In his Introduction to the Study of Culture Rozhdestvensky defines culture as events, facts and artifacts that are relevant for future generations because they provide rules, precedents and best practices. In that sense culture includes patterns of daily activity that constitute rules, and examples of human achievement that constitute precedents and best practices. New artifacts or events appear; they are accepted or ignored by users, and critiqued and evaluated by experts; then they are included in museum or other appropriate collections; they become systematized and codified. Then they become part of culture. The process of selection, description, codification is the process of formation of culture. In that sense there is no “high” or “low” inside culture: if something is low quality, it does not become selected by users and experts and does not become culture. It remains on the level of daily exploits, vanity and handfuls of wind, and eventually sinks into oblivion. Once an event or work of art has become part of culture, it stays forever. This is the Law Of Accumulation And Non-Destruction Of Culture.

According to this law, new facts and artifacts do not cancel out other facts that are already included in culture; facts and artifacts belonging to one time period form a stratum; new strata enhance and invigorate old ones. For example, preliterary societies use animals as a source of power (horses, oxen, donkeys, mules, etc.); ancient civilizations add mechanisms (windmills, water mills) and keep and improve, through selection and breeding, the breeds of animals used as source of power; modern civilization adds electricity and nuclear power and keeps animals as a source of power, enhancing that old stratum through attributing entertainment value to it (e.g. hay rides and sleigh rides at $3 per adult at a historic farm). For another example, every preliterary society has oral speech, news and folklore; when writing is invented, old genres become invigorated and grow with the help of the new technology: folklore can be recorded and stored, oral dialogue can involve exchange of notes, news can be recorded and spread confidentially, public speeches now may be written down before they are pronounced, and there is an expectation of greater uniformity in grammar even in traditional oral genres. With the invention of the printing press manuscripts receive standard orthography, footnotes, tables of content, i.e. printing adds onto the achievements of the written stage; and certainly with the introduction of electronic means oral genres are not cancelled out but are enhanced (we can now talk on the phone or even a videophone), written genres are enhanced (documents, letters and memos receive additional formatting and can be exchanged faster) and printed genres are enhanced (e.g. many texts can be accessed easier, searched for specific expressions and abundantly commented).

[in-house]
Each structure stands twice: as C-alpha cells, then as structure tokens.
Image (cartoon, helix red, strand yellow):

An important task of society is to acculturate the young. The degree of cultural knowledge differentiates generations. It is confirmed in the initiation rites that the young ones pass. All peoples have initiation rites to mark a person’s passage into the category of adults; all of those rites include a course of study and some testing that needs to be completed before the rites are administered. The new generation needs to be “assimilated” into the culture of their parents in order to be able to function. Clearly, each generation has a characteristic behavior; each generation re-assesses “old” culture.

The new generations almost never criticize or reject the physical culture of their society: they accept uncritically what coaches and teachers present to them; the innovations in physical culture come from the old generation – teachers and coaches.